Children need homes and deserve a families and the reality is that there are not always families of the same ethnicity or cultural background. If a family is prepared to face the unique challenges, which include being willing to expose a child to their birth culture and teach children how to deal with prejudice, then it's fine. It's imperative that these families have a genuine respect, not only for the children's cultures , but for cultures and differences in general. I am 1/3 Native American and, while I feel every effort should to taken to place children in homes of the same Nation (eg. Tribe) first and other Natives second, if the homes can't be found, it is far more important that the children have families--provided that they are sensitive to their cultures. Having said this, the barriers to minority parents adopting need to be removed. For example, the preference for married couples or people who own homes. I would rather maintain cultural ties and identity first.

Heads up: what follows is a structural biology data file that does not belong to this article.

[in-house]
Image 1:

The beliefs that people who raise children will treat them fairly and give them only the best for well-being are reasons that ethnicity is not an issue. The issue is having so many children in the adoption process that needs attention. Therefore, the ethnicity of the child is not important.
People should not adopt children of different ethinic groups because it will lead to problems for the children in later life. The children will be unsure of their own identity, and they will not be able to fit well into either the race of their adoption or the race of their blood.